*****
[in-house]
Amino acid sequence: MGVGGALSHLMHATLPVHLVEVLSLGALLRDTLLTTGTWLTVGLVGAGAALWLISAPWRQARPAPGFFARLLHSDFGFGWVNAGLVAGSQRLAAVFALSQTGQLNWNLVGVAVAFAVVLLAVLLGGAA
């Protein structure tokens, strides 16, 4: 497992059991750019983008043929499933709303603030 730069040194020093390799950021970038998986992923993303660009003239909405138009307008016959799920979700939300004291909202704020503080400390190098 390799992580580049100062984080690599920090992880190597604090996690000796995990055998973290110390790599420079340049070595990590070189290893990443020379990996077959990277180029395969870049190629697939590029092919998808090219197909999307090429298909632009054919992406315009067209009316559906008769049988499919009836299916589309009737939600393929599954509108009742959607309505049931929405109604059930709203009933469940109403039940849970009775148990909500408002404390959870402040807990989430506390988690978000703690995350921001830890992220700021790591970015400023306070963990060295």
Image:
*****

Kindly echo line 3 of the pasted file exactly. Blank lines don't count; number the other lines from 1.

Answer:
């Protein structure tokens, strides 16, 4: 497992059991750019983008043929499933709303603030 730069040194020093390799950021970038998986992923993303660009003239909405138009307008016959799920979700939300004291909202704020503080400390190098 390799992580580049100062984080690599920090992880190597604090996690000796995990055998973290110390790599420079340049070595990590070189290893990443020379990996077959990277180029395969870049190629697939590029092919998808090219197909999307090429298909632009054919992406315009067209009316559906008769049988499919009836299916589309009737939600393929599954509108009742959607309505049931929405109604059930709203009933469940109403039940849970009775148990909500408002404390959870402040807990989430506390988690978000703690995350921001830890992220700021790591970015400023306070963990060295």